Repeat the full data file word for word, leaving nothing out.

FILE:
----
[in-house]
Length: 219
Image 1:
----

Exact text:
[in-house]
Length: 219
Image 1: